The article reproduced here is taken from the Gallovidian Magazine of 1931. The references to "Scaur" relate to the village now called Kippford.

The Water of Orr: Its Sailors and Shipping

By Samual Murdoch Crosbie ("Scauronian")

THE Water of Orr is called the River Urr by modern geographers, but why they changed its spelling it would he difficult to say. It is also called the Winding Orr because of its numerous bends and twistings, and its valley is called "The Lovely Vale of Orr'," well known in song and story. The river rises in Loch Urr, some eighteen miles away from the Solway, and flows through a part of the country as bonnie as any to be found in all Scotland. It is a tidal river as far as Dalbeattie, where it is joined by the Dalbeattie Burn, and where a quay has been built and a harbour formed that bears the curious appellation, the Dub o' Hass, meaning "The Pool at the Throat." Except at neap tides vessels are able to reach the quay in order to load and discharge their cargoes. The other harbour in the river is at Palnackie, where there is a dock or creek in which several vessels can be moored at one time. Then at Kippford, on its estuary, there is abundant anchorage for a fleet of small vessels either on the Scaur beach or on the banks in the neighbourhood.

The difficulties connected with the navigation of such a tortuous river for the distance of seven miles are known only to those who have had experience of it. Vessels in pre-motor days were frequently grounded on the river banks in dangerous positions, and more than one stranded on the "Importer's" Stone - a big rock at the bend of the river just below North Glen Farm - as well as the schooner whose name it bears. Between Kippford and Palnackie there is a wide bend of the river called the "Deil's Reach." Vessels inward bound were able to get thus far under their own sail with a fair wind, and then they were drawn by horse power to their destination at Palnackie or Dalbeattie. Being dependant on a fair wind between the "Deil's Reach" and the Scaur when outward bound, there was frequently much delay waiting for the favouring breeze. As many as fourteen vessels have been thus held up for some days. What a sight it must have been to see them all weigh anchor and sail down the estuary!

During the half-century prior to the Great War there was a large fleet of vessels connected with the Water of Orr, and these vessels were the training schools for many who afterwards became sailors of renown throughout the mercantile world. Their exploits are epics of the sea, and some of these may be recalled, without fear of iteration, for the benefit of the rising generation.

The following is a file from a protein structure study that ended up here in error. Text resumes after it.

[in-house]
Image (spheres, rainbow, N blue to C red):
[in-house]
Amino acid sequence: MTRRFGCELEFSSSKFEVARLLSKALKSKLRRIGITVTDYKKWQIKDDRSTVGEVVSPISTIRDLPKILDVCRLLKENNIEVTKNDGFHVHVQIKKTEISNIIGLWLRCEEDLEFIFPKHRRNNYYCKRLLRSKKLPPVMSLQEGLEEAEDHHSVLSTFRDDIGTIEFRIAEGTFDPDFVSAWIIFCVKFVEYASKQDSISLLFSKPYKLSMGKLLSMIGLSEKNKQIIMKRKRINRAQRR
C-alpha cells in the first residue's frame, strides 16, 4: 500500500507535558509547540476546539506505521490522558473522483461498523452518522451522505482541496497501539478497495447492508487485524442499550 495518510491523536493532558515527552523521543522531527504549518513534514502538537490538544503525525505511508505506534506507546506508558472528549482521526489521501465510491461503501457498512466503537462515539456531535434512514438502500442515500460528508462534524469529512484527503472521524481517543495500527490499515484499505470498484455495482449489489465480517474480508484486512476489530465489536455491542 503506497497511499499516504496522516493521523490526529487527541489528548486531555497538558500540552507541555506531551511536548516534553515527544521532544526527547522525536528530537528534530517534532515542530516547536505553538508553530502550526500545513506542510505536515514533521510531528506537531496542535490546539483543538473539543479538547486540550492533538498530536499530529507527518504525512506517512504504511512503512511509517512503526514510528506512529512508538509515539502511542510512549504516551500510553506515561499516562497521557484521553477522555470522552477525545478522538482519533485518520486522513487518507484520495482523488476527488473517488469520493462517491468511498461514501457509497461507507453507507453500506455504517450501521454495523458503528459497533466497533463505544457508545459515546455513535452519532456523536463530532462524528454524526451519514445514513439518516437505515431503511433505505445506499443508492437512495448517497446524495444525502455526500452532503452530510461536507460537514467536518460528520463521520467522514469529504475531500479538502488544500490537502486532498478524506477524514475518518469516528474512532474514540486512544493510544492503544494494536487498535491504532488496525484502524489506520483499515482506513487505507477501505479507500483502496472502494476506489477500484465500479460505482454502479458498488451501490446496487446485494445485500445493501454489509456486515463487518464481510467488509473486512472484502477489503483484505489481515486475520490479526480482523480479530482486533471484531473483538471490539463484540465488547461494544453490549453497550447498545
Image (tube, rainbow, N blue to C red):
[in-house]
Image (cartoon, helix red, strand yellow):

There was Captain William Wilson, who recaptured his ship, the Emilie St. Pierre, from the United States warship crew of fifteen with the help of only his cook and steward, and sailed her some thousands of miles across the Atlantic to the river Mersey, where he was feted and honoured for his gallant deed. The full story is to be found in the Gallovidian Magazine Summer Number for 1902.

There was Captain William D. Cassady, who, when Commander of the ship Greta, made the voyage from Melbourne to Liverpool in seventy-six days - almost. rivalling the far-famed clipper known as the Cutty Sark.

There was Captain John M'Lellan, who began his sea career in the Elizabeth, popularly called the " Wee Brig," and ended it as a distinguished officer of the Liverpool Salvage Association, in which capacity he salved many ships given up as hopeless wrecks, conspicuous amongst which was the salving of the White Star liner Suevic, broken in two on Lizard Point. The story of Captain M'Lellan's career was given in the Gallovidian Magazine, Winter 1914.

There was Captain Samuel Murdoch, who sailed with his father, Captain James Murdoch, for some years in the sloop Freedom. and afterwards became one of the most successful ship commanders of the Mercantile Marine, and who was respected and honoured alike in San Francisco and Liverpool. between which ports he had traded for many years. There was his son, Lieutenant William M. Murdoch, whose memorial tablet on Dalbeattie Town Hall tells the tale of his heroism as first officer of the Titanic when that vessel, said to be unsinkable, went down with over one thousand souls after colliding with an iceberg.

There was Captain John Aitken, who refused to leave his ship along with his crew when they had taken to the boats thinking the vessel was about to founder, and thereby lost his life. These are only a few who have come within my own ken, and who won renown on foreign - going vessels. There are others that I shall now mention who were in the coasting trade in the years prior to the Great War, and who are deserving of recognition in the pages of this Magazine. In some cases they run in families - the Candlishes, Bies, Murdochs, Cummings, Wilsons, Clachries, Blacks, Hallidays, M'Knights, and Edgars.